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Monday, May 29


Monday, May 29



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The leaders of France and Russia will hold an informal meeting at the Palace of Versailles on Monday. The talks will be the first leader-to-leader contact between the two countries in five years.

Officially, the two leaders will unveil an exhibition celebrating Peter the Great’s first diplomatic visit to France 300 years ago—a symbolic gesture that highlights the historical depth of ties between Russia and France.

Practically, Macron and Putin will use the encounter to feel each other out on a personal level—as a former KGB man, Mr Putin is known to place substantial stock in personal relationships with leaders.

Significant divides exist. France has taken a hard line on the removal of Bashar al-Assad in Syria, who Moscow backs, and is also a leading voice in the continuance of the EU’s Crimea-related sanctions on Russia.

Neither of these stances will change on Monday; in fact, over the weekend Macron and his fellow G7 leaders reaffirmed their commitment to Russian sanctions. However, the informal meeting will lay the foundations for a relationship that will no doubt be rigorously tested in the coming years.



Photo: AFP/Yuri Kabadanov
Photo: AFP/Yuri Kabadanov

Russian Foreign Minister Sergei Lavrov and Defence Minister Sergei Shoigu will travel to Cairo on Monday to meet their Egyptian colleagues. The meeting is part of the so-called 2+2 dialogue, which was set up in 2013, shortly after general-cum-president Abdel Fattah el-Sisi took power in Egypt as a way of strengthening military and diplomatic cooperation.

While Egypt has been a US ally since the 1970s, the Obama administration’s desertion of President Hosni Mubarak during the 2011 revolution and its subsequent criticism of Sisi’s authoritarian rule has pushed Cairo to reinvigorate Soviet-era relations with Russia.

For its part, Moscow has shown great interest in increasing its influence in the Middle East and North Africa in recent years, with interests in Syria and Libya. Russia has aligned itself with Libyan strongman Khalifa Haftar—a secular general who controls the powerful Libyan National Army based in the country’s east. Egypt also supports Haftar and has allowed Russian forces to use the Sidi Barrani air base, some 100 kilometres from the Libyan border.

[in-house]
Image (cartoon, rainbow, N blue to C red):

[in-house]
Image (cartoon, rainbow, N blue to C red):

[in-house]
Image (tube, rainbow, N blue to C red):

Monday’s talks are expected to focus on anti-terrorism and anti-Islamist cooperation in Libya; President Sisi ordered airstrikes on the eastern Libyan city of Derna on Friday, supposedly targeting a camp that helped train those who killed 28 Coptic Christians in Egypt earlier in the day.

Delve deeper: Libya: Moscow’s next power play?



Photo: Reuters/Regis Duvignau
Photo: Reuters/Regis Duvignau

The European Commission will decide whether to approve a deal that would see electricity giant EDF acquire a controlling interest in part of Areva, a company that designs and manufactures nuclear reactors. Both firms are majority-owned by the French government.

The European Commission’s competition watchdog is concerned that the deal might impact pricing and innovation—particularly if an EDF-owned Areva decides to stop selling its highly complex and difficult to replicate parts to external companies.

By merging EDF with Areva’s nuclear reactor business, France’s government is hoping to create a more potent nuclear energy exporter. EDF and Areva are both responsible for constructing the UK’s $24 billion Hinkley Point C plant.

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The merger is expected to increase the competitiveness of EDF’s nuclear reactor business, helping it fend off competition from Russian and Japanese exporters.

As well as exporting nuclear power plants, EDF is currently the world’s largest producer of electricity—supplying more than a fifth of the EU’s power. The Areva deal will further consolidate its position as one of Europe’s most powerful energy players.

The European Commission is expected to approve the agreement on Monday.



Indian PM Narendra Modi will begin a three-nation tour of Europe, touching down in Germany on Monday. The visit signals strengthening ties between the subcontinent and Berlin, with a number of agreements on defence procurement and energy expected to be signed. Modi will fly to Spain on Tuesday before heading to Russia on Thursday where he’s expected to hold talks with President Putin on the sidelines of the St Petersburg International Economic Forum.

A prominent Egyptian opposition politician will face court charged with ‘offending public morals’ after allegations he made an obscene finger gesture. Khaled Ali, a liberal, is widely expected to challenge President Sisi in next year’s election but will be prevented from doing so if convicted in the current trial.

Danish, Norwegian and Swedish transportation officials will hold talks with their Iranian counterparts on liberalising air travel arrangements. As with many other Western airlines, Scandinavian carriers don’t fly to Iran. But with scores of historical landmarks and a population of more than 80 million—more than half of which is under 30—Iran presents as a lucrative, largely untapped market for airlines and travel companies.

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